Two Dutch Girls on a Road Trip to Wiltshire

Road Trip 2017 (2) - Richmond to Chawton to Salisbury.

Good afternoon! Would you like to join me for the second part of my road trip in the South-West of England? A long time wish of my daughter...

Saturday, 30 August 2014

(Bicycle Road Trip - Part 4) Oh...Enkhuizen, Pearl on the Zuiderzee!

Where Enkhuizen captures our heroine's Zen heart, two brave old ladies share their life stories, waves crash against a boat's windows, a train leaves too early and an old friend is embraced.

Having spent a really pleasant evening at Annette and Jan's, Tuesday dawned early. 
The fourth day of my bicycle road trip to Groningen (and back) started with a quick shower and an even quicker breakfast at the b&b. I was eager to get going.
After days of cycling Fietsje and I had fallen into a comfortable routine: a quick charge up of the battery at night (hers with the charger, mine with a glass of wine and my e-Reader) , and an early start.
Looking over my route, I had decided not to attempt the Afsluitdijk connecting Noord-Holland to Friesland (the wind had shifted and would be blowing straight into my face by now), but would cycle from Hoogkarspel to Enkhuizen instead, and there would board the ferry to Stavoren in Friesland. Jan had assured me it only took 75 minutes to get there, and my kms were easy-peasy that day. Not around 85, but only around 28.

Cycling merrily along, I got into my Zen mode. Reaching this state of being became easier by the day. My ordinary life at home, and my stressful-but-exciting life at school I could shed with no trouble at all. At home I was Mum, Wife, Secretary, Helper, Gardener, Washerwoman, Cleaner-cum-occasional-Housepainter, Justice-of-thePeace, Cook, Cat-Pleaser and Dog-Commander and General Peacekeeper.
On Fietsje I was simply Renée. And I LOVED it!

Enkhuizen beckoned. Following my knooppunten to the harbour (and the ferry) I was overcome with admiration. What a gorgeous town! The rain made it very quiet, so I could enjoy it all the better. I decided to buy my boarding pass first, and was told the ferry had left only 20 minutes ago. The next one was to leave at 12.30. Gulp! It was ten to nine...
Oh well, all the more time to enjoy Enkhuizen! But there was no guarded bicycle shed, so that meant taking Fietsje along. We wound our way through the Golden Age alleys and streets, and could have taken 100 photos (but didn't; my mobile was still protesting my every move).
But the rain got the better of me. Around 9.45 I was soaked to the skin again and squelching in my shoes. This made me feel cold.

Time to find a café that was open. I found one opposite the Drommedaris, the famous town tower.
"Do come in out of the rain and get warm," the friendly bargirl proposed. But I didn't dare leave Fietsje alone and chose to sit outside on the terrace, as had become my habit during this road trip.
"I'll put the terrace heater on for you," she said. Bless her heart!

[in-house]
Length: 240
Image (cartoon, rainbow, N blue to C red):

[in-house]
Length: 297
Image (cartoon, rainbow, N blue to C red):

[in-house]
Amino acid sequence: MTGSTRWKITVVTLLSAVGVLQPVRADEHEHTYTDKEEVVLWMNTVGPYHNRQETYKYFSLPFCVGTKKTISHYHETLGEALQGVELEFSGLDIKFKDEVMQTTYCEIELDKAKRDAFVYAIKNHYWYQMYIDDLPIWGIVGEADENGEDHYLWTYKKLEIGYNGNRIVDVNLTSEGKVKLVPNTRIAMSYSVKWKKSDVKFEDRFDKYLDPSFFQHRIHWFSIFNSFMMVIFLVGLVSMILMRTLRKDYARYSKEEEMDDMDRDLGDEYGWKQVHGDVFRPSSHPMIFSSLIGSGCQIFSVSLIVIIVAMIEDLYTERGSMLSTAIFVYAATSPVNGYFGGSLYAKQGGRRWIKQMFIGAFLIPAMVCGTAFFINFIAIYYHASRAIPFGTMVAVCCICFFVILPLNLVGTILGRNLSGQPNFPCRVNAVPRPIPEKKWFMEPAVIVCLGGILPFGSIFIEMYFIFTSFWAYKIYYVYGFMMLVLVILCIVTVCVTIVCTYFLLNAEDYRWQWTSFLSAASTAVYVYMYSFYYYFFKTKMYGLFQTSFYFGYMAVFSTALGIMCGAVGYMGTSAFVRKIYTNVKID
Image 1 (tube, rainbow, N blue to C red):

A coffee, chocolate cake and a Beerenburger (from Wikipedia: In terms of alcoholic beverages, the region is renowned for its many bitters (such as Beerenburg) and other high-proof liquors) soon hit the right spot. And the heater dried out my hair and wet rain suit very nicely.

At 12.15 I was ready to board the ferry to Stavoren. Fietsje was the first one on (make a note of this, you'll need the info later), and I chose a spot near the window whilst the boat hand tied up my bike. An old lady from Steenbergen asked me politely if she could join me. Certainly!
Her life story was a fascinating one. 88 Years of age, she was still having her adventures around the Wetlands, travelling by train these days. And another lady (67), also cycling on her own, joined us as well.
We spent a very pleasant hour chatting about travelling solo, and how it enriched our lives. In the meantime the wind had shifted yet again, and had strengthened from an okay 3 to a raging 7.

The water was crashing against the window, and the assembled tourists, many of them German cyclists, became more and more quiet. I checked if Fietsje was still tied to the railings. She was. My 88 year old companion didn't bat an eyelid and ordered a beer. My other companion smiled at me and told me about a wonderful cyclists association. I watched the waves and thought about the Titanic. Cannot think why...

When we docked at Stavoren Fietsje was the last one to leave the ferry. Causing me to miss the train to Leeuwarden...
My cyclist companion Tilia had advised me to take the Arriva train, as there were thunder storms over Friesland and I would find no shelter at all. She did the same, getting off at Sneek.
So...we three spent another hour waiting for the next train on a windy, wet, deserted platform. But at least I had plenty of time to text my friend in Friesland that I was taking a train, instead of cycling towards her. She cheerfully told me to meet her at Leeuwarden station, and that we could travel to Zwaagwesteinde together. What fun!

It went off without a hitch. Taking Fietsje along on trains was a piece of cake (at least it was on the Arriva trains). I even remembered to check out. At Zwaagwesteinde my friend Tessa took her car; I took Fietsje.
Her neighbour Gerda helped me find Tessa in her out-of-the-way nature reserve, and I met Tessa's cat Tommy for the first time. (People reading my blogs more often know that this counts as a major event in my life).

Another goal reached!
When I sat drinking great whisky with Rein and Tessa (tea!) that evening, I realised I was having the time of my life.

My tip for wanna-be knooppunten cyclistst: do not get tempted to let your bicycle be the first one on a ferry!